Cell-Signaling Events that Drive Nervous System Development
Assistant Professor of Biology
There are many processes that have to happen for a brain to fully grow and develop. One process, in particular, is that neurons are born, migrate to their proper location, and form connections—called synapses—with very specific partners. “When that doesn’t go well, it can result in any one of many different neurological conditions,” Jennifer Round says. Her research focuses on the mysteries surrounding a specific protein family called SLITRK. “Its presence is all over the developing brain and we know it’s doing something important. Our lab tries to contribute little pieces of that knowledge base: What are the proteins doing? What happens if you take them away? What are their partners?” Round is observing what goes wrong in brain development when the proteins are removed. Asking those questions is a hallmark of scientific research.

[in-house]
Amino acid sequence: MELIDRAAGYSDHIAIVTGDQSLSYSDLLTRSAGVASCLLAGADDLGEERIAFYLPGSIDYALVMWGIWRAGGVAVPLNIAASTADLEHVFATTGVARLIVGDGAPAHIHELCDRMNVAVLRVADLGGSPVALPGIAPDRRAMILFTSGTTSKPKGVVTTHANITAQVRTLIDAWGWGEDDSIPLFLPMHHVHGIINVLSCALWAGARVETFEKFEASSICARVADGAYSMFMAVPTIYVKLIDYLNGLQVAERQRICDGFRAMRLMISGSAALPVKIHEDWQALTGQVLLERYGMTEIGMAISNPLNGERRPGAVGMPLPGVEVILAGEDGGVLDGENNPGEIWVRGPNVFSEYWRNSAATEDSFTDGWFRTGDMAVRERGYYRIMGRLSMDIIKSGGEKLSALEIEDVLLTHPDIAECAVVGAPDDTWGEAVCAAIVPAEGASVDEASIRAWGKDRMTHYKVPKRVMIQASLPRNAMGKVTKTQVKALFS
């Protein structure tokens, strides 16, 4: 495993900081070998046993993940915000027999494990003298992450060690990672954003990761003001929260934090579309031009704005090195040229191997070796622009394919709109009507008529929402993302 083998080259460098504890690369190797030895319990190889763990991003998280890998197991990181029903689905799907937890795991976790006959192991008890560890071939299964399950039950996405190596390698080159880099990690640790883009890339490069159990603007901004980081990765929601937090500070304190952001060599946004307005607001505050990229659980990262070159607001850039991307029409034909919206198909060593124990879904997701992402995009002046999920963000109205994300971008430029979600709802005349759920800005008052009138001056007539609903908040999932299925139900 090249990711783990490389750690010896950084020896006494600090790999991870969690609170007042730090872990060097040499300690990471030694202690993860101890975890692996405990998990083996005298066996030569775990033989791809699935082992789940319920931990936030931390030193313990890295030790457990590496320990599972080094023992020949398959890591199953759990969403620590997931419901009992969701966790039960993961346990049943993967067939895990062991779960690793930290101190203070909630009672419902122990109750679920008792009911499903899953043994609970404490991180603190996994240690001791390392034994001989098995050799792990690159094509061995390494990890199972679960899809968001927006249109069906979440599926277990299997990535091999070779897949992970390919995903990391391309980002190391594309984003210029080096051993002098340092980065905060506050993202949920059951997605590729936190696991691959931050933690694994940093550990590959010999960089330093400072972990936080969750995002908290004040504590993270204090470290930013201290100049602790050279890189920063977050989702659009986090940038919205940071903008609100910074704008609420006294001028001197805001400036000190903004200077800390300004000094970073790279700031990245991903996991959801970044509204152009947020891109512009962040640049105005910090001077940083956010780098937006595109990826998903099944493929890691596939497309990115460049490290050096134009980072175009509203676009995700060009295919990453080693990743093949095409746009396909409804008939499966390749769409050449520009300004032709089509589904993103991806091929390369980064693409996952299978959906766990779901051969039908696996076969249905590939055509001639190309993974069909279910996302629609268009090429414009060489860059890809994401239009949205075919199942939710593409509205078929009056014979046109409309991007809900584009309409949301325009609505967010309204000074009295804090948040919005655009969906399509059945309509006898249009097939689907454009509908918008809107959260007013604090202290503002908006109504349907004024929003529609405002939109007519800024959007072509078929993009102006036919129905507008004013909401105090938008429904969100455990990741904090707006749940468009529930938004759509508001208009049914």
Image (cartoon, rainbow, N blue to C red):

“ I want to use my research as a natural teaching tool and turn students on to the idea of research,” Round says. “Brain science isn’t just a collection of facts. There are a lot of open questions and undiscovered things.”
Round will soon publish a paper coauthored with students.